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Death Counts In Ohio May Not Tell Whole Story

The number of Ohioans dying of unknown causes has tripled so far this year compared with previous years. (Pixabay)
The number of Ohioans dying of unknown causes has tripled so far this year compared with previous years. (Pixabay)
May 5, 2020

SPRINGFIELD, Ohio -- A new analysis of the death counts from unknown causes indicates COVID-19 death numbers may be incomplete - which has implications for the process of reopening the state.

Recent data from the Centers for Disease Control indicate Ohio's overall death rates are flat. Not so in New York, which has seen them double so far this year. That could mean the Ohio lockdown is working to flatten the curve.

However, policy analyst Loren Anthes with the Center for Community Solutions warned that assessment may be overly rosy, because the Buckeye State is lagging behind on reporting its data.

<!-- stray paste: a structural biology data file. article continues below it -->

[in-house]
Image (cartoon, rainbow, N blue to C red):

"We're likely looking like we're on trend because the data isn't accurate," Anthes said. "And so what's going to happen is, once the data catches up, we're going to see these numbers change."

The data show a threefold spike in the number of deaths from unknown causes in Ohio over the past four months, which Anthes said could indicate that clinics didn't know what hit them at first. As testing ramps up in the coming weeks, the state will be able to better determine the true COVID-19 mortality rate.

Anthes said the state needs to fully fund the public health system to boost our understanding of the spread of the disease.

"This is a challenge that the state of Ohio faces generally because we've historically underfunded our public health apparatus," he said. "We're one of the lowest states in terms of funding public health."

Experts from Harvard have recommended Ohio test almost 18,000 people a day in order to re-open the state. The state is projected to reach that capacity by the middle of next week.

Disclosure: The Center for Community Solutions contributes to our fund for reporting on Budget Policy & Priorities, Health Issues, Poverty Issues, Welfare Reform. If you would like to help support news in the public interest, click here.
Suzanne Potter, Public News Service - OH